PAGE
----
Trademark Litigation 101

Our attorneys litigate trademark infringement and related issues in both state and federal court. As our list of Representative Trademark Cases shows, we have prosecuted and defended cases involving likelihood of confusion between the litigants’ trademarks in the fields of investment services, entertainment services, health care services, health insurance services, consumer appliances, computer software, computer hardware, jewelry, sporting goods, and restaurant services, to name a few. In addition to trademark infringement claims, we have litigated related claims in the areas of trademark dilution, unfair competition, unfair trade practices, breach of contract, breach of fiduciary duty, and theft of trade secrets. Our attorneys are tireless advocates, and strive to present our clients’ positions in the best and most effective manner to the trier of fact. Most importantly, we believe that litigation should serve our clients’ business needs. Thus, we endeavor to involve the client in every step of the litigation process and seek resolutions that will enhance our clients’ competitive positions in the marketplace.

If a trademark owner believes that another party is infringing one of its trademarks, it can sue for trademark infringement regardless of whether or not it has applied for or received a federal registration for the mark. Alternatively, the trademark owner may be sued for infringing another’s mark. Under appropriate circumstances it may make sense to send a “cease and desist” letter and to engage in negotiations to settle the dispute by agreement, license or otherwise before incurring the substantial expense usually involved in litigation. Since a wide variety of settlement options are usually available, it will often be possible to reach an agreement on terms that are mutually acceptable without having to initiate proceedings in court.

Trademark infringement suits are typically filed in federal court, but jurisdiction lies in state court as well. The litigation process can be summarized as follows:

  • Plaintiff files complaint alleging trademark infringement and possibly related claims of unfair competition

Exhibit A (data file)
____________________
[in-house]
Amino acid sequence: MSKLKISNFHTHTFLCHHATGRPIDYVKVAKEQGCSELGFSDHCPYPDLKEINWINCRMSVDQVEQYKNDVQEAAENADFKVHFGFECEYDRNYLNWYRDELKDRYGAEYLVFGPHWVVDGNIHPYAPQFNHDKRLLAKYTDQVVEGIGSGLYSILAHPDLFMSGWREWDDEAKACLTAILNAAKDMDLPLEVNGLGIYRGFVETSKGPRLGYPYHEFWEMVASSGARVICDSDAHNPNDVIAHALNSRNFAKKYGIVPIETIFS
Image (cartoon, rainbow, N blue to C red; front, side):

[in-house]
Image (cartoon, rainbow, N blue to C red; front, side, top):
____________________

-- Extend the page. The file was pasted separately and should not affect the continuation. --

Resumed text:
• Plaintiff may also file a motion for a preliminary injunction to immediately enjoin the defendant from further infringing the plaintiff’s mark and seek an expedited hearing at which the judge may grant the motion, deny the motion, grant the plaintiff expedited discovery or order that the hearing be consolidated with an expedited trial
  • Defendant has 20 days to file an answer to the complaint (time may differ in state courts)
  • Case enters discovery phase
    • Each side serves requests for the production of documents
    • Each side serves written interrogatories
    • Each side takes depositions
  • Either side may move for summary judgment if no material facts are in dispute and the party believes it is entitled to judgment as a matter of law; if the judge grants summary judgment to either side, it often disposes of the entire case and no trial will be necessary
  • Case goes to trial

It is not possible to state with accuracy the expense involved in pursuing a trademark infringement action in federal court, as costs vary widely depending upon the complexity of the factual and legal issues, the vigor with which the case is contested, the amenability of the case to disposition by summary judgment and the willingness of the parties to settle the matter prior to trial. It is important to keep in mind, however, that most cases are resolved prior to trial and that not all of the above steps are always necessary.

If you would like further information concerning trademark infringement litigation, or have any questions concerning the above materials, please contact an attorney in our Trademark Practice Group.